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NEWS RELEASE · 18th May 2012
Wilderness Committee
What remains of an 800 year-old Red Cedar lies in the parking area at Carmanah-Walbran Provincial Park. Last year, poachers were unsuccessful in an attempt to fall the tree, but had damaged it sufficiently to force BC Parks Staff to bring the ancient cedar down for safety reasons.

Since then, the cedar poachers have returned at their leisure, cut up, hauled out, and taken away much of the tree. Some of this work has been done in recent weeks and has further damaged the environment. Undergrowth in the park is torn and crushed, a ditch is caved in and blocked with debris, small concrete parking stops have been moved or broken, and steel cables are lying around. Only one section of the trunk remains in the forest, along with the stump – which is nine feet in diameter.

Torrance Coste, Vancouver Island Campaigner with the Wilderness Committee, visited the site last weekend and is currently following up with parks officials and the RCMP.

“Our parks are extremely important to our province,” says Coste. “They are and always should be regarded as some of the most spectacular natural areas in the world – not as poorly protected places where poachers can operate without consequence.”

BC Parks staff are currently seeking funds to mediate the damage. The Lake Cowichan RCMP has also been contacted, but enforcement in the Carmanah area is difficult due to its remote location.

The Wilderness Committee has always pushed for better protection in existing parks, but the province has cut funding to BC Parks on an almost annual basis over the last ten years. Currently, BC Parks has just 10 full-time park rangers for 1,000 parks and protected areas.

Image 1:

“There should be measures in place to stop this kind of thing,” says Coste, “We entrust BC Parks with places that are valuable to us, but our government doesn’t give them the resources to look after these areas.”

Through its BC Parks Campaign, the Wilderness Committee works to uphold the government in its responsibility to manage and protect provincial parks on behalf of the public, Coste explains.

“It’s clear that cedar is taken from Carmanah without fear,” Coste continues, “What we need to know from Environment Minister Lake is if cedar poaching is happening anywhere else.”

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re: cam
Comment by J~ on 20th May 2012
I've used remote cams before. They can come with rechargeable 6V batteries and photo's are stored on a small memory card. A forest service worker could retrieve the card and replace it with one very easily as well as switch out the battery. I have done it and captured lots of wild life photo's that way. No need for an internet connection.
Foiling poachers
Comment by c. sandecki on 20th May 2012
What about embedding microchips in the trees, like identifying your pets? Or some sort of gadget such as clothing stores use that would set off a signal when any portion of the tree was hauled past special "signal pickups" along our highways? Or power washing the trees with a sticky substance carrying identification confetti such as farmers mix into their grain bins?
spiking trees?
Comment by billbraam on 19th May 2012
Spiking trees would only hurt/maim/kill an unsuspecting sawmill worker and leave the wood thief safe. Please don't advocate these methods. Thank you
Re: Wild life cam?
Comment by Sheldon Davidson on 19th May 2012
Setting up a remote wild life cam would most likely not be feasable.

The camera would need to be powered so a solar panel would need to be installed.

An internet connection would be required to feed the video link to us. This might not have been possible.

A solution might be to spike trees like this?
Wild life cam?
Comment by J~ on 19th May 2012
Why didn't they think to see up a remote wildlife camera and catch the poachers on film?